New evidence suggests that over half of smokers in England living with lung conditions want to ‘Quit for Covid’. The number of people with lung conditions looking to quit smoking in response to Covid-19 has increased from (50%) in April, to more than half (53%), in May.
The figures, which have come from a survey of over 12,000 people living with lung conditions in England, have been released by Asthma UK and the British Lung Foundation to mark ‘World No Tobacco Day’ on May 31, in an effort to highlight the need for everyone to have the support to quit smoking.
Smoking is a deadly addiction which is incredibly hard to quit, which is why access to support is vital. Quitting is important to protect people’s lung health, now more than ever, as quitting smoking is one of the best ways to protect yourself from viral infections, including coronavirus.
Research shows that people are 3 times more likely to stop successfully if they use a combination of stop smoking treatment and specialist help.
The survey results show there is demand for this support to quit. Of those looking to quit, the majority have said that they would not want to quit ‘cold turkey’, with two thirds (65.1%) of people planning to quit using some form of support or aids recommended by health care professionals, such as nicotine patches, e-cigarettes and behavioural support.
Crucially, more than a quarter of smokers with lung conditions (26%), said that they would look to turn to the NHS for support.
The Taskforce for Lung Health, of which Asthma UK and British Lung Foundation are both members, is calling for increased funding and access to stop smoking services across the country. The Taskforce found that last year, nearly 1 million smokers missed the opportunity to quit smoking due to cuts in funding.
With face to face support coming to a halt due to COVID-19, Asthma UK and the British Lung Foundation are calling for local authorities and providers to be supported to develop their services remotely, ensuring that people can continue to access help to quit.
Despite the fact that face-to-face smoking cessation services have come to a halt, many services are continuing to provide support through telephone and video conferencing consultations, and are working to make medication available, including to those who are shielding or self-isolating.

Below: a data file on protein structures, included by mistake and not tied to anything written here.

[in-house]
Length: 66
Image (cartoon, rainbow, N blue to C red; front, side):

Asthma UK and the British Lung Foundation are also campaigning for the success of remote services set up during the pandemic to be matched with long term, sustainable funding to deliver stop smoking services in the future.
Alison Cook, director of external affairs at Asthma UK and the British Lung Foundation and chair of the Taskforce for Lung Health said: “ With so many people with lung conditions motivated to quit it’s really important they have the best chances of quitting successfully, and that means making sure everyone has access to stop smoking services. Local providers need to be flexible with the support they can offer for people with lung conditions who are currently unable to leave the house or concerned about face-to-face meetings.
“The government have a target to make England smoke free by 2030. There’s huge opportunity here, and we urge the government to ensure sustainable funding is available to meet the demand to quit.”
Dr Nick Hopkinson, medical director at the British Lung Foundation and chair of Action on Smoking and Health, said: “For anyone who smokes, quitting is the most important thing that they can do to protect their own health and the health of those around them. This is especially true during the COVID-19 pandemic because quitting smoking rapidly improves the health of your heart and lungs. The good news is, there is support out there to help you and I’d urge anyone who wants to quit smoking to check out www.todayistheday.co.uk or search online for NHS smoke free.”
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